Amendments to the FATCA and CRS legislations: what's the impact on the Luxembourg investment funds market?
14 July 2020
The Luxembourg law dated 18 June 2020 amends the FATCA and CRS legislations with effect from 1 January 2021.
The new law provides for an increase in filing and other compliance obligations that apply to Reporting Financial Institutions. It also revamps the penalties system and clarifies/reinforces the investigation powers of the Luxembourg tax administration. The latter clarified the impact of the new law in a newsletter dated 10 July 2020.
Filing of "nil returns": a new requirement under CRS – EUR10,000 lump-sum penalties may apply
Luxembourg investment funds and investment fund managers that qualify as Reporting Financial Institutions under FATCA are required to file “nil returns” with the Luxembourg tax administration if they do not maintain U.S. Reportable Accounts. This has been the case since FATCA was introduced into Luxembourg law in 2015.
The original CRS legislation did not impose “nil return” filing obligations on Reporting Financial Institutions in the absence of Reportable Accounts. The option to file “nil returns” with the Luxembourg tax administration under CRS, however, was provided for in the CRS FAQ published on the Luxembourg tax administration's website.
From 1 January 2021, the filing of “nil returns” will become a requirement for Reporting Financial Institutions under CRS if they do not maintain Reportable Accounts. The change in the law is likely to impact a number of Luxembourg investment funds and investment fund managers that qualify as Reporting Financial Institutions. For instance, unregulated Luxembourg investment funds that qualify as Reporting Financial Institutions and whose investor base is exclusively composed of Financial Institutions acting as nominees for other investors will be required to file “nil returns” in the future as a result of the change in the law.
Some investment fund managers qualify as Non-Reporting Financial Institutions under FATCA and as Reporting Financial Institutions under CRS at the same time. For 2020 and previous reporting years, such investment fund managers were not required to file “nil returns” under FATCA because of their Non-Reporting Financial Institution status, or to make any filing under CRS if they did not maintain Reportable Accounts (which is generally the case for investment fund managers). The same investment fund managers will be required to file “nil returns” in 2021 in compliance with the revamped CRS legislation. The Luxembourg tax administration specifically draws the attention of investment fund managers qualifying as Luxembourg Investment Advisors and Investment Managers under FATCA (i.e. a sub-category of Non-Reporting Financial Institutions) to the fact that they may be required to file nil returns in the future as there is no equivalent status under CRS.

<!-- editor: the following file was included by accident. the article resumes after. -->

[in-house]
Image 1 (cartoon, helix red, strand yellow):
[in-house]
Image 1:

The new law provides that the Luxembourg tax administration may impose a EUR10,000 lump-sum penalty if no information or, as the case may be, no “nil return” is filed by 30 June of each relevant tax year, with 2021 being the first reporting year in scope. The Luxembourg tax administration reassured Reporting Financial Institutions by stating that they will always be given the opportunity to provide explanations (e.g. a change of FATCA/CRS status) before a penalty is imposed.
Policies, controls, procedures, IT systems, registries of actions: the new law increases Reporting Financial Institutions' compliance obligations
The new law explicitly provides that each Luxembourg investment fund and investment fund manager qualifying as a Reporting Financial Institution will be required to implement policies, controls, procedures and IT systems that allow it to comply with FATCA and CRS due diligence and reporting obligations. Such measures shall be proportionate to both the size and specificities of the relevant entity.
In addition, Luxembourg investment funds and investment fund managers qualifying as Reporting Financial Institutions will need to keep registries reflecting actions taken and other pieces of evidence used to comply with the due diligence and reporting obligations provided for under the FATCA and CRS legislations. Such registries need to be kept for a period of ten years, which coincides with the statutory time limit within which the Luxembourg tax administration may request access to policies, controls, procedures, IT systems as well as the registries.
In the case where a Reporting Financial Institution delegates its due diligence and reporting obligations to a third party service provider, these obligations shall remain the responsibility of the Reporting Financial Institution. Therefore, it will be important for delegating Reporting Financial Institutions to ensure that third party service providers satisfy the increased compliance obligations (this could be achieved via the inclusion of appropriate representations and undertakings in the relevant service agreements). In addition, Reporting Financial Institutions may have to implement their own policies, controls, procedures, IT systems and registries to ensure compliance with due diligence and reporting obligations under FATCA and CRS.
In addition to the EUR10,000 lump-sum penalty, the Luxembourg tax administration may impose penalties of up to a maximum amount of EUR 250,000 if it detects non-compliance with obligations imposed under the FATCA and CRS legislations.
Penalties may be increased by an amount corresponding to 0.5% of the amounts that should have been reported in respect of Reportable Accounts, but were not so reported by Reporting Financial Institutions.
The Luxembourg tax administration stated that penalties imposed should be coercive, dissuasive and proportionate.